Propagating Lamb's Ear

Lamb's ear's spreading nature and the tendency to grow from the center out, leaving a dead spot in the middle, makes the plant a candidate for frequent division, every 2 to 4 years. Division is the easiest way to propagate lamb's ear. The newer varieties on the market that do not flower tend to be slower to grow and won't need division quite so frequently.

Lamb's ear divisions transplant very easily:

  1. In the spring, dig out the entire plant and its roots with a shovel.
  2. Separate it into fist-sized divisions either by gently pulling it apart, or cutting it with a soil knife.
  3. Plant the divisions in a prepared garden bed and water them in well. Keep the soil moist but not soggy for the next week or two, until it has overcome its transplant shock. Continue watering in the absence of rain until you see some new growth.

How to Grow Lamb's Ear From Seed

You can start lamb's ear from seed, but if you want one of the hybrids, such as 'Helen von Stein', you will need to start with nursery plants. Start seeds indoors, 8 to 10 weeks before your last frost date—they can take up to a month to germinate. In trays or pots filled with a moistened seed starting mix, press lamb's ear seeds into the soil but do not cover. Warm soil temperature aids germination, so place the seeded tray or pots on a heating mat or a warm space such as the top of the refrigerator or a table above a heat vent. Harden off the seedlings before planting them outside. Spring is the best time to set out plants, so they can become established during cooler weather. The recommended spacing is two to three feet apart, but you can plant them closer for a lusher effect and move them about if the bed gets too full in future years.


Once lamb's ear is established, it can handle the winter quite well. It might even stay green during milder winters. In the spring, gently rake through the lamb's ear to remove winter debris from the garden.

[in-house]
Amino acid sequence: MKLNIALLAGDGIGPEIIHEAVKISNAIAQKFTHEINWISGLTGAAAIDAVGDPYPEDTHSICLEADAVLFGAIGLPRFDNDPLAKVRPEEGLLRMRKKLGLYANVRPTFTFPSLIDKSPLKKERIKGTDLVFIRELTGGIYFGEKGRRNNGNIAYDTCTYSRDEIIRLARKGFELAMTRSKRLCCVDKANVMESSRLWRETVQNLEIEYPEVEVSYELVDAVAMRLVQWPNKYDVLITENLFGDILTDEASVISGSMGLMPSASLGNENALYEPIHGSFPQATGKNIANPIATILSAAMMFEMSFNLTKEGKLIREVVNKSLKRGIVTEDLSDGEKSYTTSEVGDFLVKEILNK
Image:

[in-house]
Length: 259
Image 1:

Common Pests and Plant Diseases

Lamb's ear is prone to fungal diseases, perhaps mostly because it sits so low to the ground. The regular use of a fungicide and good watering techniques can go a long way toward preventing them. Nematodes will sometimes attack lamb's ear, stunting its growth. The most reliable way to get rid of them is through preventive care rather than treatments after they infest the plants.

Common Problems for Lamb's Ear

Because the leaves sit so close to the ground, rotting can be a problem. Mulching under the plants helps to keep the leaves dry and be sure to give them well-drained soil. When watering the plant, make sure to aim the water at the ground rather than the plant itself, to help avoid fungal spots.

  • Can lamb's ear grow indoors?

    Though it might grow indoors as an immature plant, lamb's ear needs room to spread out, which makes it more suitable for the garden.

  • What are alternatives to lamb's ear?

    If you're looking for a brighter spot of color, you can find it with mullein, which offers bright yellow blooms but the same softness of lamb's ear leaves.

  • What is a fun fact about lamb's ear?

    The softness of the wide leaves has led lamb's ear to rank high on the list of plants that can be used for a natural version of toilet paper.

Article Sources
The Spruce uses only high-quality sources, including peer-reviewed studies, to support the facts within our articles. Read our editorial process to learn more about how we fact-check and keep our content accurate, reliable, and trustworthy.
  1. Lambs Ear. Truckee Meadows Parks Foundation.

  2. Stachys byzantina. North Carolina State University Extension Gardener.

  3. Stachys byzantina. Missouri Botanical Garden.

  4. Lamb's Ear (Stachys byzantina) - Powdery Mildew, Pacific Northwest Pest Management Handbooks.

  5. Nascimento Daniel Dalvan et al. First Report of Meloidogyne incognita Infecting Stachys byzantina in Brazil. Plant Dis., 2020. doi:10.1094/PDIS-07-20-1628-PDN